09
AUG
2017

Summer Fun 2017 - Week 5

Walking water science experiment

Summer Holidays have arrived and for children it is one of the best times of the year. National Parents Council Primary would like to help you and your family make the most of the holidays

Walking water science experiment

This easy colourful science experiment can be done with simple items you have in your kitchen right now!

What you need

  • Two sheets of kitchen roll
  • Three glasses or jars
  • Blue food colouring
  • Red food colouring

What you do

  • Place the three glasses side by side.  Starting on the left hand side, fill first glass with water. Add some of blue food colouring into the water.
  • Leave the middle glass empty.
  • Now fill the glass on the right hand side with water and add some of the red food colouring.
  • Fold a paper towel in half lengthways and again so that it will fit into the neck of your glass.  Place one end of the paper towel into the blue water and bend the paper towel over the edge of the glass so that the other end sits in the empty glass in the middle.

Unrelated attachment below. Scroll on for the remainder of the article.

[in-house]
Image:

• Do the same on the other side, place one end of a paper towel into the red water, and bend it over so that the other end rests in the empty glass in the middle.
  • Watch and wait.
  • In about 30 minutes or so, the water will start ‘walking’ up the paper towels and over into the middle glass.
  • After about two hours you will have a mix of the two colours in the centre glass, in this case purple.

Hints and tips:

  • Choose two primary colours that will mix to make a secondary colour.  E.g. red and yellow to make orange or blue and yellow to make green.

Why is it so?

  • The process of water moving along a conduit (the paper towel in this case) is called: capillary action.  This is how flowers and plants move water from the ground beneath them, up through their stems and into their petals and leaves.
  • The paper towel is very ‘absorbent’: which means there are enough gaps in its fibre for the water to move through easily and quickly. The adhesive force between the water and the paper towel is stronger than the cohesive forces inside the water itself.